What happens to all of your things when you die? Where do your clothes go? Who gets your books, your records, your knickknacks? Who will sit in the chairs you ate breakfast in?
This research paper is not a soliloquy about death, nor is it a proposal for ultra minimalism. This research paper is a piece of documentation for a lifetime of connections. Not just mine, yours too—everyone’s.
From the moment we are born, we become a node in a web. From the moment anything is created, that object, creature, what have you, joins a network with infinitesimal links depending on the scale at which it is being examined. A water molecule is a node, and it is made up of three nodes: 2 hydrogen molecules hugging 1 oxygen molecule. A drop of water is many water molecules, and an ocean is many drops of water.
Everything is connected. In the 60s, American social psychologist Stanley Milgram demonstrated that any two people in the world are separated by five personal connections, on average. I cannot posit a figure, but I will claim that everything and everyone that has ever existed in the world is connected, living or dead. Unlike this social network, I believe that in this interconnected global network across scale, nothing dies. When a living creature, human, or object no longer has a physical presence, it still lives in memory and legacy and continues to exist in this network.
What would it look like to map that out? I imagine that this entire network looks like this wall drawing by Sol Lewitt, with so many nodes that their links are indiscernible. However, maps are 2-dimensional representations of multidimensional spaces, places, and experiences. Everything in this world, everything we experience, and all our senses and feelings are reduced to a flat representation.
Caption: Sol Lewitt Wall Drawing #1180, installed at the Yale University Art Gallery, New Haven, CT
Luckily, I make multidimensional spaces, places, and experiences.
Mapping the world is a daunting task. There’s a lot of stuff going on.
The goal is to create a large-scale hanging kinetic sculpture of a very small part of our networked world. This installation is: participatory, dynamic, growing, evolving, fast and slow at the same time.
This project is an exercise in spatial cartography. The installation is actually a secondary goal. My primary goal is to devise a language to process networks to translate them to sculpture. Like a legend on a map, this framework becomes a system to create an infinite number of installations simply by examining different parts of the network.
This exercise bridges two lines of research: cartography and kinetic sculpture. My initial search queries included ‘spatial cartography,’ ‘3D mapping,’ ‘spatial mapping,’ and ‘cartography as art.’ Most of these queries were not fruitful, but ‘cartography as art’ began to scratch the surface. However, this signals that I might be investigating something novel.
In researching cartography, I moved to the fundamentals of cartography and map-making. I wanted to understand the history of map-making and the techniques and tools used to produce them. I found the most engaging analogies from a book titled Maps of the Imagination by Peter Turchi, who draws connections between map-making, world building, and writing.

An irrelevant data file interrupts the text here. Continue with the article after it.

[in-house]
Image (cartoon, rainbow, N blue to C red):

In an office hour with Tom Igoe, he recommended a book about networks, Linked: The New Science of Networks by Albert-László Barabási, a network scientist. He explains network structures through the lens of mathematicians and scientists, which is providing great context for network theories.
I transitioned to examining artistic experiments in cartography and was rewarded with a wealth of examples. However, nearly all of the results are 2-dimensional and are content-heavy with the exception of Joyce Kozloff’s sculpture The Tempest. One book, Mapping it Out: An Alternative Atlas of Contemporary Cartographies, edited by Hans Ulrich Obrist, includes ‘maps of the future’ from a wide range of artists and non-artists that I found inspiring. Mark Lombardi’s Narrative Structures were also an early reference for abstracting narrative.
Caption: Mark Lombardi's Narrative Structures
The other half of my research in kinetic sculpture is very focused on Alexander Calder. Nearly all mobile art is inspired by his work, simply because he made so much of it, and it’s heavily documented. Other artists that I’m taking notes from include Sarah Sze, Studio Drift, Tomas Saraceno, David Judelson, Man Ray, Jean Tinguely, and more.
Here is a basic overview of my plan moving forward. I think I would like to do at least 1 prototype a week, and dial in and do 1 prototype a day over winter break. Let’s see how realistic that is.
Prototyping alongside 365 days of P Comp
Add physical computing
One prototype a day
Jan 24: Check in
Prototyping and playtesting
Feb 07: Sharing preliminary prototypes
Feb 21: Prep for Feedback session
Playtesting and prototyping
Crafting the design system based on prototyping experience
March 07: Alumni Feedback Session
Note: Is it possible to do this in person?
March 28: Demo Day
Work on presentation, crafting narrative
mid-April: stage full scale installation
April 11: Checking Timeline + Preparing Thesis Archive
April 25: Final Review to experts
Presentation to the public